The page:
Italian Prime Minister Matteo Renzi. © Alessandro Bianchi / Reuters

No, Italy is Not About to Leave the Euro

Italian Prime Minister Matteo Renzi is no more. The temptation is inevitable to ascribe the end of this lucky opportunist’s thousand days in the limelight as a verdict on the euro and the EU. As with all things Italy, it’s way more complicated.

The Italian referendum this Sunday was indeed a resounding No to Renzi and the constitutional amendments he proposed. The key takeaway is that Italians essentially voted not to change the constitution to the benefit of an autocratic Parliament.

Inbuilt in the No, of course, there’s immense, potential collateral damage – which happens to involve the future of the EU.

It’s no wonder the anti-elite Five Star Movement, led by Beppe Grillo, as well as the ultra-xenophobic Lega Nord (Northern League), led by Matteo Salvini, are spinning it as a rout. Voter turnout was particularly high in wealthy Lombardy and Veneto – where the League is quite popular.

The League’s message, day in, day out, centers on ominous figures besetting Italy – from three million workers in the black market to eight families out of ten living in extremely precarious circumstances. Blame the government – Renzi’s Democratic Party – as well as immigration.

Yet, in parallel, scores across the Left voted No exactly to block the path for the extreme Right to reach power.

So the No victory may also be seen as a vote for democracy – as Renzi’s constitutional amendments would facilitate a major power grab for the next prime minister’s seat in Rome’s Palazzo Chigi.

A Yes vote would have meant the end of what in Italy is known as “perfect bicameralism,” created under the country’s 1948 constitution, where we have two chambers of Parliament filled with elected lawmakers. Both have equal power and must agree on all legislation to be approved. This being Italy, the name of the (perennial) game is gridlock.

Renzi’s government proposed the number of senators be reduced from 315 to 100, on top of it elected indirectly, as in selected by regional assemblies, with some mayors thrown in. This Senate emasculation would mean most Italian laws including the crucial state budget – passing without a glitch, thus making the nation “easier to govern.” The Senate would only be effective on ruling about the prickly relationship between Rome and Brussels.

No wonder most voters interpreted it as a power grab by Renzi’s Democratic Party.

Tickets for the opera, anyone?

The ‘follow the money’ scenario is once again preeminent in Italy. The EU banking ecosphere is agog the No victory will make it even harder to rescue Siena’s Monte dei Paschi – the oldest bank in the world and currently Italy’s third-largest; it badly needs to raise €5 billion of equity and sell off €28 billion in bad loans.

In fact, virtually the whole Italian banking system is on the ropes, needing a rescue package of at least €40 billion. Italy is paying JP Morgan to come up with a solution. European Central Bank (ECB) Governing Council member Ewald Nowotny, who’s also the head of Austria’s central bank, insists Italy might have to spend a lot of public money for the rescue. This will be considered toxic by most Italian voters.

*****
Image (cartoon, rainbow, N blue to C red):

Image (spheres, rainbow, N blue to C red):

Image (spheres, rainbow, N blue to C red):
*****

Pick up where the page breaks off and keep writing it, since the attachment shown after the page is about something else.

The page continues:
Couple the banking crisis with the fact Italy’s industrial output may be as much as 10 percent smaller than it was ten years ago. And unemployment – at a hefty 13 percent – is roughly double than it was before the 2008 financial crisis.

What’s immediately ahead is, what else, a political crisis, although containable. President Sergio Mattarella, elected only last year, must oversee the formation of a new government. The Five Star Movement and the Lega Nord are already calling for immediate elections.

A look at the major players jockeying for position in the new government sweepstakes is not exactly uplifting. They are: Renzi (Democratic Party); Silvio ‘bunga bunga’ Berlusconi (Forza Italia); Beppe Grillo (Five Star Movement); and Matteo Salvini (Lega Nord). If these signori don’t agree on anything, there could be a snap election soon.

Grillo’s Five Star want an election so badly because it will be held under the new electoral laws before it’s all changed back to the good old proportionate system. Expect a lot of (figurative) blood on the Colosseum before any solution.

As the EU observes, in thrall, the bottom line is that Italy is not anywhere near a referendum to leave the eurozone, not to mention the EU, as most Italians are Europhiles (except when it comes to the German domination of the ECB).

The next elections, whenever they take place, will feature a battle of three political formations: the anti-elite Five Star Movement; Renzi’s Democratic Party – now in a shambles; and the center-right (Berlusconi) probably aligned with the Lega. Any of these three, but mostly the Five Star, stand a chance to win.

So Italy is now firmly concentrated on trying to get a new – functional – government, not abandon the euro. But that still entails a fascinating sub-plot; none other than Angela Merkel will have to step up and lend a hand to “save” the EU by saving the future of Renzi’s Democratic Party. Now that’s what an opera buffa is all about.

By Pepe Escobar
Source: RT

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